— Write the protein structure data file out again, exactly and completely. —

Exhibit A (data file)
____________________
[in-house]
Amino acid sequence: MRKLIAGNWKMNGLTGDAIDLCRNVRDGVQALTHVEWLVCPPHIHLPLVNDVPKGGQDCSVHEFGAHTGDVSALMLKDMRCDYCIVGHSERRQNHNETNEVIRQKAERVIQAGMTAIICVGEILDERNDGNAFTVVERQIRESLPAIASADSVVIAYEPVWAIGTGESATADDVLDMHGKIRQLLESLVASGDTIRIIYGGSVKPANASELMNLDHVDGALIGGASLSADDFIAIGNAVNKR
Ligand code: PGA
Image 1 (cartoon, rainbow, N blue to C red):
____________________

[in-house]
Amino acid sequence: MRKLIAGNWKMNGLTGDAIDLCRNVRDGVQALTHVEWLVCPPHIHLPLVNDVPKGGQDCSVHEFGAHTGDVSALMLKDMRCDYCIVGHSERRQNHNETNEVIRQKAERVIQAGMTAIICVGEILDERNDGNAFTVVERQIRESLPAIASADSVVIAYEPVWAIGTGESATADDVLDMHGKIRQLLESLVASGDTIRIIYGGSVKPANASELMNLDHVDGALIGGASLSADDFIAIGNAVNKR
Ligand code: PGA
Image 1 (cartoon, rainbow, N blue to C red):